Keywords

Neutron activation Radioactive dust Experimental rats Monte Carlo simulation 56Mn Internal dosimetry 

Notes

Acknowledgements

This research was supported by JSPS KAKENHI Grants Numbers 26257501 (April 2014–March 2018) and 24310044 (April 2012–March 2015), Japan. This research was financially supported by Semey State Medical University, Ministry of Health of the Republic of Kazakhstan. Part of this research was supported by A. Tsyb Medical Radiological Research Center (MRRC)—National Medical Research Radiological Center, Ministry of Health of Russian Federation, by providing equipment for calibration and measurements. The authors thank Dr. Stepen Egbert, Leidos Inc., San Diego, California, United States, for very useful discussions, comments, and for editing the draft of this paper.

Compliance with ethical standards

Conflict of interest

The authors of this paper have no conflicts of interest according to their disclosure forms.

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Copyright information

© Springer-Verlag Berlin Heidelberg 2017

Authors and Affiliations

  • Valeriy Stepanenko
    • 1
  • Tolebay Rakhypbekov
    • 2
  • Keiko Otani
    • 3
  • Satoru Endo
    • 3
  • Kenichi Satoh
    • 3
  • Noriyuki Kawano
    • 3
  • Kazuko Shichijo
    • 4
  • Masahiro Nakashima
    • 4
  • Toshihiro Takatsuji
    • 4
  • Aya Sakaguchi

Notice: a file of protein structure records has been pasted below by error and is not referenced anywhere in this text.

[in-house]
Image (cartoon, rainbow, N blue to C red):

• 5
  • Hiroaki Kato
    • 5
  • Yuichi Onda
    • 5
  • Nariaki Fujimoto
    • 3
  • Shin Toyoda
    • 6
  • Hitoshi Sato
    • 7
  • Altay Dyussupov
    • 2
  • Nailya Chaizhunusova
    • 2
  • Nurlan Sayakenov
    • 2
  • Darkhan Uzbekov
    • 2
  • Aisulu Saimova
    • 2
  • Dariya Shabdarbaeva
    • 2
  • Mazhin Skakov
    • 8
  • Alexandr Vurim
    • 8
  • Vyacheslav Gnyrya
    • 8
  • Almas Azimkhanov
    • 8
  • Alexander Kolbayenkov
    • 8
  • Kasym Zhumadilov
    • 9
  • Yankar Kairikhanova
    • 2
  • Andrey Kaprin
    • 1
  • Vsevolod Galkin
    • 1
  • Sergey Ivanov
    • 1
  • Timofey Kolyzhenkov
    • 1
  • Aleksey Petukhov
    • 1
  • Elena Yaskova
    • 1
  • Irina Belukha
    • 1
  • Artem Khailov
    • 1
  • Valeriy Skvortsov
    • 1
  • Alexander Ivannikov
    • 1
  • Umukusum Akhmedova
    • 1
  • Viktoria Bogacheva
    • 1
  • Masaharu Hoshi
    • 3
  1. 1.Medical Radiological Research Center (MRRC) named after A.F. Tsyb – National Medical Research Radiological Center of the Health Ministry of the Russian FederationObninskRussian Federation
  2. 2.Semey State Medical UniversitySemeyRepublic of Kazakhstan
  3. 3.Hiroshima UniversityHiroshimaJapan
  4. 4.Nagasaki UniversityNagasakiJapan
  5. 5.University of TsukubaIbarakiJapan
  6. 6.Okayama University of ScienceOkayamaJapan
  7. 7.Ibaraki Prefectural University of Health ScienceIbarakiJapan
  8. 8.National Nuclear Center of the Republic of KazakhstanKurchatovRepublic of Kazakhstan
  9. 9.Eurasian National University named after L.N. GumilyovAstanaRepublic of Kazakhstan